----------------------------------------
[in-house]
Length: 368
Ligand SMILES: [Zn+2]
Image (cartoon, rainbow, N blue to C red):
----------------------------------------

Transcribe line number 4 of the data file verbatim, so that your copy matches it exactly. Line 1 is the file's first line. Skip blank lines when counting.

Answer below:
Image (cartoon, rainbow, N blue to C red):